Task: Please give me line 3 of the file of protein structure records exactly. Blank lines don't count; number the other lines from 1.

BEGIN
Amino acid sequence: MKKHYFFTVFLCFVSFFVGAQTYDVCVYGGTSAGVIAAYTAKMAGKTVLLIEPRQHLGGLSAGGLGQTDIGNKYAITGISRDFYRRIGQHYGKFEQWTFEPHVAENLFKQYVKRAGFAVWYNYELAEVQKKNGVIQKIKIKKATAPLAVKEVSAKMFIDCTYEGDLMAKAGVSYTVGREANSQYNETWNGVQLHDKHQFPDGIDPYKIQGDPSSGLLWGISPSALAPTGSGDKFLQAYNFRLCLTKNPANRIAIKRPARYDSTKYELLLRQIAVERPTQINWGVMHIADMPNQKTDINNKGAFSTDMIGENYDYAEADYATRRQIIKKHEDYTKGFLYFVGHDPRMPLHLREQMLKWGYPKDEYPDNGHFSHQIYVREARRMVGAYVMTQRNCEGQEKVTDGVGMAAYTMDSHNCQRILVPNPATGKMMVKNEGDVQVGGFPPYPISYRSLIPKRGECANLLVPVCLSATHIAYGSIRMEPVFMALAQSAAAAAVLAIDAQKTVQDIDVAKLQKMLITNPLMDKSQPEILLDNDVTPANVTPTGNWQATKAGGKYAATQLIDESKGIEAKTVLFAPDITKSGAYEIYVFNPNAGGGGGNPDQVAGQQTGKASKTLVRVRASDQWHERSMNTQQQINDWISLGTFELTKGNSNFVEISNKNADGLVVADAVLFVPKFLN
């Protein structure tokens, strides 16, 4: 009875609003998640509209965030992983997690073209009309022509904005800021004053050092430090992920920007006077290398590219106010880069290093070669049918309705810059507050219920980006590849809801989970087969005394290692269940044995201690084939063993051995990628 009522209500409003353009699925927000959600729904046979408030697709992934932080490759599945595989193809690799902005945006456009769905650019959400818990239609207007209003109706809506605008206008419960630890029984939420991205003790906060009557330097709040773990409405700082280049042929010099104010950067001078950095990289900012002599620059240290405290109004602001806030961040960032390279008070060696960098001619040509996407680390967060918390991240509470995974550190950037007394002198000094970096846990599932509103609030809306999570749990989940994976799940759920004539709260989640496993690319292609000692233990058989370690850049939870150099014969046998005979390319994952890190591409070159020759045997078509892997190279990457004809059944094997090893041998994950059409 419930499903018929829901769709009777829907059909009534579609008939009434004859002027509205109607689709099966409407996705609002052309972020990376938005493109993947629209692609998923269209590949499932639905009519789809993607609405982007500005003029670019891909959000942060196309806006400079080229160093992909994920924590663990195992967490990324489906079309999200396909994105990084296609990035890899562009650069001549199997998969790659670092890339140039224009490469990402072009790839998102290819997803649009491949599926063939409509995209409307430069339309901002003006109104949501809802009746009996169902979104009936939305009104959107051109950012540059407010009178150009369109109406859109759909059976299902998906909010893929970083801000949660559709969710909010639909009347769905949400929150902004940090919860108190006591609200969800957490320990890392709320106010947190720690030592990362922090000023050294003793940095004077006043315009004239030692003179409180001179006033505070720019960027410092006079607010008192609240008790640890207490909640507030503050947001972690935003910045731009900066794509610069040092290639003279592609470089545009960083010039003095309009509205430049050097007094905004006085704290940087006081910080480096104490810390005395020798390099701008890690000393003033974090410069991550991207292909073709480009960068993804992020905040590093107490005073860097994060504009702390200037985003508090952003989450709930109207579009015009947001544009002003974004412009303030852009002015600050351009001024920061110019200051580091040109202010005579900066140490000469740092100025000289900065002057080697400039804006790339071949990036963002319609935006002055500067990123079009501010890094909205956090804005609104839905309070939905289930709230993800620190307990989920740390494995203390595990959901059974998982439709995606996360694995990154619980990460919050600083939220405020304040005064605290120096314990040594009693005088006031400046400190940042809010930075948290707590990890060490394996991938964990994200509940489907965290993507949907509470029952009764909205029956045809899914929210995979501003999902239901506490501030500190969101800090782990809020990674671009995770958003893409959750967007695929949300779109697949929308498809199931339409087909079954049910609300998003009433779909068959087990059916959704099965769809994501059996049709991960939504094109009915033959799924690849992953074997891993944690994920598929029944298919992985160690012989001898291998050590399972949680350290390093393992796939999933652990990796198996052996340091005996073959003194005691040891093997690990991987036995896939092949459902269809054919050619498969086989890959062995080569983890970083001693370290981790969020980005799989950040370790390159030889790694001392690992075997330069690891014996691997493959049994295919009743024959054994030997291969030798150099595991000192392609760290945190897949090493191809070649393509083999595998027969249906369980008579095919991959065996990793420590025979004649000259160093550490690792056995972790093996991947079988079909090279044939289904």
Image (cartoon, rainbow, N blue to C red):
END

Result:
Image (cartoon, rainbow, N blue to C red):